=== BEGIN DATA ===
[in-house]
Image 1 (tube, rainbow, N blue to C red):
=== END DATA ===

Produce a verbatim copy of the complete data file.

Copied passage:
[in-house]
Image 1 (tube, rainbow, N blue to C red):